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Friday, June 18, 2010

ROAD KILL -- movie review by porfle

[Note: Fangoria magazine has teamed up with Lightning Media and Blockbuster for a series of eight horror/thrillers which will be available exclusively on DVD, VOD, and digital download Sept. 28 under the "Fangoria FrightFest" banner. This film is part of that series.]


Two young couples motoring across the long, lonesome highways of the Australian Outback are menaced by a massive double-sized tractor-trailer rig known as a "road train" (the film's original title) in 2010's ROAD KILL, a fairly effective horror-thriller that takes a different route than you might expect. 

The premise immediately brought two movies to my mind upon first viewing.  One is Steven Spielberg's classic made-for-TV thriller DUEL, in which Dennis Weaver plays a harried salesman whose tiny car is the prey for a crazed trucker in the middle of nowhere.  Yet another Aussie thriller, ROAD GAMES, is also set in the Outback and features a trucker (Stacy Keach) and a comely young hitchhiker (Jamie Lee Curtis) in a cat-and-mouse game with a traveling serial killer. 


But just when I'm thinking ROAD KILL is going to be a rehash of these two plots, it decides to go somewhere else entirely.  The two couples--Craig and Nina, and Marcus and Liz, who have a history of jealousy and rivalry simmering below the surface of their fragile friendship--are run off the road by the roaring behemoth just when we think we're at the start of a long chase sequence.  This is the last such scene we'll see until much later in the film when there's one more high-speed clash between truck and automobile.

Climbing out of the wreckage with Craig (Bob Morley) badly injured, they stumble along until they find the road train parked by the side of the highway with nobody in it.  They get in just as a crazy man emerges from the bushes blasting away at them with a pistol, and Marcus manages to get the thing moving.  Lulled by hours of monotonous motion, they drop off to sleep--even Marcus seems to doze at the wheel as the truck continues to rumble onward.  Suddenly it stops, and they awaken to find that Marcus has accidentally turned off onto a side road and gotten them lost.  Or...was the truck acting on its own?

Yes, with our four main characters now stranded in the wilderness, ROAD KILL becomes a haunted truck story.  While a bitterly quarreling Marcus (Xavier Samuel, TWILIGHT SAGA: ECLIPSE) and Liz (Georgina Haig) strike out for the main highway on foot, Craig and Nina begin to sense a pervasive evil eminating from those two locked containers.  I'll skip the details of what follows, but it includes possession, betrayal, and the horrific discovery of what's really going on inside that damned truck.  Meanwhile, Marcus and Liz have some pretty shocking experiences of their own before they make it back just in time to get in on the gory fun.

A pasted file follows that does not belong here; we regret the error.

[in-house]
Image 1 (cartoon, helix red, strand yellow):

Dean Francis' capable direction (this is his first feature) keeps the suspense pretty taut considering that most of the movie consists of four characters and a truck.  Good performances by the cast help to put over a script that often doesn't make a whole lot of sense (and doesn't really try to), with Sophie Lowe as Nina carrying most of the acting load and giving us at least one character we can identify with who isn't a total jerk.  She even gets to drive that damned truck when they finally get it back out on the highway for the exciting gear-grinding conclusion.

I watched a screener so DVD specs were unavailable.  Fangoria.com lists the special features as "audio commentary by director Dean Francis, a behind-the-scenes featurette, deleted scenes, the 8 FANGORIA FRIGHTS cable special and the eight FrightFest trailers."  One thing's for sure--if the nerve-wracking soundtrack for this flick doesn't threaten to jar your skull right out of your head, you've got stronger ears than I have.

I'm not sure how rewatchable ROAD KILL will be once you've slowly and patiently peeled the onion away from its mysterious core, but that first time was definitely enough to maintain a firm grip on my attention span.  And I now have an interesting new mental image for the term "monster truck." 
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